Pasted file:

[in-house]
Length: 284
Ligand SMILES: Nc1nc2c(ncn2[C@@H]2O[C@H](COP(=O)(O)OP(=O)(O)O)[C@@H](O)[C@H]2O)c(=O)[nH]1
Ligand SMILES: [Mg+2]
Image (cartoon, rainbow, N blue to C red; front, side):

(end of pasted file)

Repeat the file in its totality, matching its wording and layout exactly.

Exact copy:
[in-house]
Length: 284
Ligand SMILES: Nc1nc2c(ncn2[C@@H]2O[C@H](COP(=O)(O)OP(=O)(O)O)[C@@H](O)[C@H]2O)c(=O)[nH]1
Ligand SMILES: [Mg+2]
Image (cartoon, rainbow, N blue to C red; front, side):